Patient Engagement Survey Results

The healthcare system is moving towards care models that embrace a more patient centered care approach. Meaningful Use rules, Accountable Care Organization (ACO) and Medical Home care models all include patient engagement as a key part of their programs. Oncology advocacy organizations are also embracing patient engagement as an important part of patient centered care, with new Commission on Cancer guidelines and ASCO’s Accelerating Progress Against Cancer blueprint both featuring patient engagement as key parts of future cancer treatment programs. In all instances, Health IT plays a central role in connecting patients to their health care team, their health information, and enabling them to be more engaged in their care.

But what do patients want? Are they interested in engaging in their care? We conducted a survey* of 295 cancer patients and found that a large majority, 72%, were interested in using online tools and resources to help manage their care and recovery.

Different Levels of Patient Engagement

When asked what specific tools and resources they were interested in using, a large majority of cancer patients showed interest in passive engagement, while almost half expressed interest in more active engagement. From the survey:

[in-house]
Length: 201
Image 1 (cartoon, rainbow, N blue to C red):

• 77% are interested in reading cancer education materials online from expert sources.
  • 74% are interested in having access to their medical records securely online.
  • 47% are interested in recording their symptoms and side effects during treatment in an online health journal.
  • 46% are interested in using an online guide to help them plan for their doctor visits.

patient engagement survey: how patients want to engage

This data shows that patient engagement can’t be lumped into one catchall category; there are different levels of engagement that patients are willing to participate in. What we’ve labeled passive engagement are activities that could be described as lean back activities, reading information and gaining knowledge. Active engagement activities can be described as lean forward, where patients are entering data, tracking their health, and providing feedback to their healthcare team.